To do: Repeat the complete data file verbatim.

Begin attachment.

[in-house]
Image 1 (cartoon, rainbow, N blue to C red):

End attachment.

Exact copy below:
[in-house]
Image 1 (cartoon, rainbow, N blue to C red):